Gaston, Thomas Edmund (2008)
M.Phil. thesis, University of Birmingham.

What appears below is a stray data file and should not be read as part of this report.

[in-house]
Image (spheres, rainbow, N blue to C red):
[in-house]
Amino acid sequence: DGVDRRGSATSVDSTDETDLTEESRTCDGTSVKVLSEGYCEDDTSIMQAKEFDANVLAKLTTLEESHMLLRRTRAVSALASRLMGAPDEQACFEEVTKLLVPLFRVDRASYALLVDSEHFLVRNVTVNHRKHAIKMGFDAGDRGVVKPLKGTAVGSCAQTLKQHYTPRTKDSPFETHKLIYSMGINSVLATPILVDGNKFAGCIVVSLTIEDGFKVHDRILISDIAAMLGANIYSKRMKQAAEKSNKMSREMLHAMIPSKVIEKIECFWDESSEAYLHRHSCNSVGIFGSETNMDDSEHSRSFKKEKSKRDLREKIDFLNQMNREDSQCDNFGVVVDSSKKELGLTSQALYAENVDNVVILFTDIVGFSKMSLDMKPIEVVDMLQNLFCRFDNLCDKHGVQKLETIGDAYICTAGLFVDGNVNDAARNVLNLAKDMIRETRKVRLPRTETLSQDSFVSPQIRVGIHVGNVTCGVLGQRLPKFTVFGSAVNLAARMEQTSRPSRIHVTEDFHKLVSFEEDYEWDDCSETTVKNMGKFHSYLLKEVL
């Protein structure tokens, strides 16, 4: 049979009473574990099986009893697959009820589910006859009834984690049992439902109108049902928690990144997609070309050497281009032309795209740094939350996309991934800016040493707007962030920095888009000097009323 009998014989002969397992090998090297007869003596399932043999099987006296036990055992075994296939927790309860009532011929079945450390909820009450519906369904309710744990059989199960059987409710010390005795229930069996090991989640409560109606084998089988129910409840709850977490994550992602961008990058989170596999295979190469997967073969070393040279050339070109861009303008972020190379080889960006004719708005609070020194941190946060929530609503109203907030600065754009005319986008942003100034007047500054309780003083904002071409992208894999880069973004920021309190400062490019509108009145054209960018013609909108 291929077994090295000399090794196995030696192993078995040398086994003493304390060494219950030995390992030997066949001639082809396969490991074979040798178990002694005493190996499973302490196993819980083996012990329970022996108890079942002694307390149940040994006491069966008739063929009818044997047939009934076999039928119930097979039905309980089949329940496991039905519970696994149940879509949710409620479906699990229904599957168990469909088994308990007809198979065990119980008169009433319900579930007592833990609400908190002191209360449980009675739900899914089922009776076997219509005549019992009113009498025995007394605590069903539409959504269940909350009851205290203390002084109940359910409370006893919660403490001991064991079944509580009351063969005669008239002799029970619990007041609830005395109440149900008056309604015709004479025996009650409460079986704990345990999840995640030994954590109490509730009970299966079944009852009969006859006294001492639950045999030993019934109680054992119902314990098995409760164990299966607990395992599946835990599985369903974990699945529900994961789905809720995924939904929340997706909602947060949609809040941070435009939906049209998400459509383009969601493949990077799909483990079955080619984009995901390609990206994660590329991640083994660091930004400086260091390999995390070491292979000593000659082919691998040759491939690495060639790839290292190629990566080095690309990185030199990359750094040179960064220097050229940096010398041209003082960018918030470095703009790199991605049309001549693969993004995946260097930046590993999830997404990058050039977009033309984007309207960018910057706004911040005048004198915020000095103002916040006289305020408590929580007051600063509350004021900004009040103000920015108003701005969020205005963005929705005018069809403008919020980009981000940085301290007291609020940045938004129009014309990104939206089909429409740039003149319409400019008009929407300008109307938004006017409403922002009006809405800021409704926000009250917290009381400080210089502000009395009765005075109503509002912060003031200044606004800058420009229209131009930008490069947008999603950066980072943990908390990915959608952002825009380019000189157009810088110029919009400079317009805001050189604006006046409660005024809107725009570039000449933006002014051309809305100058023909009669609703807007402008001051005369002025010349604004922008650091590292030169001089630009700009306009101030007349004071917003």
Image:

The search for the ‘historical Jesus’ has resulted in the view that Jesus never was, nor claimed to be, any more than a mere man. A conservative theologian still hold that the doctrine of the Trinity, later made explicit in the creeds, is implicit within the New Testament texts and was Jesus’ most controversial claim. But what did the early Christians believe about their Lord and Master? In this study I review the early Christian texts, their content and background, to ascertain the earliest forms of Christological thought. My thesis is that one of the earliest understandings of Jesus’ nature is found in the infancy narratives and that this understanding is presupposed by the earliest Christian writers (including the writers of the New Testament texts). From this basis I trace the development of Christology to the end of the second century, demonstrating how Christian thought moved from its primitive understanding of Jesus to the foundations of the doctrine of the Trinity.
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